Law Day 2018 - Statement of John G. Levi, Chair, LSC

Law Day 2018 | Statement of John G. Levi, Chair, Board of Directors, Legal Services Corporation

April 30, 2018

Every year on May 1, we observe Law Day, which President Dwight D. Eisenhower established in 1958 as "a day of national dedication to the principle of government under law." The American Bar Association’s theme for Law Day this year is “Separation of Powers: Framework to Freedom.”

The justice system’s role in this constitutional framework is founded on a core American value—equal access to justice. Legal aid providers funded by the organization whose board I am privileged to chair, the Legal Services Corporation, work every day to ensure that the nation’s most vulnerable citizens have such access to the civil justice system. This bolsters Americans’ confidence in the fairness of the justice system, and helps preserve the value we celebrate on this day—the rule of law.

As then Director of the Office of Economic Opportunity (OEO) Sargent Shriver said at the ABA’s annual meeting in 1965: “The extension of legal services to the poor is only a means of a more universal end—one we both share—the establishment of the rule of law.” He added, “It is that ordered quest for dignity, for justice, and for opportunity which is the central concern of society today.”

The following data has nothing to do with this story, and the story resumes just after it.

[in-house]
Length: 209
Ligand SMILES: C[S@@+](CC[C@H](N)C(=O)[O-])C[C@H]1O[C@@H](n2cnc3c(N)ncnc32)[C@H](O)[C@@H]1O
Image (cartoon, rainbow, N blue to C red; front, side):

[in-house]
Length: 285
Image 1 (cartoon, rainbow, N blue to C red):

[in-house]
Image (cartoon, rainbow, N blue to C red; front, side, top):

A few years later, the first Republican director of the OEO, Donald Rumsfeld, echoed those thoughts in testimony before Congress: “We cannot expect respect for the rule of law if we, as public officials, do not assure access to the legal process. To fail to do so would break faith with those Americans — rich and poor alike — who have confidence in our legal institutions and the notion that disputes are better resolved in courtrooms than on street corners.”

This Law Day I urge all lawyers, and members of the public, to join us in renewing, and expanding our country’s commitment to equal access to justice and the rule of law.  

Legal Services Corporation (LSC) is an independent nonprofit established by Congress in 1974 to provide financial support for civil legal aid to low-income Americans. The Corporation currently provides funding to 133 independent nonprofit legal aid programs in every state, the District of Columbia, and U.S. territories.

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Posted: May 1, 2018